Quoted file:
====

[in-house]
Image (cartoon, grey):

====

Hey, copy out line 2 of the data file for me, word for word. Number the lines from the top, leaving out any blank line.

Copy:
Image (cartoon, grey):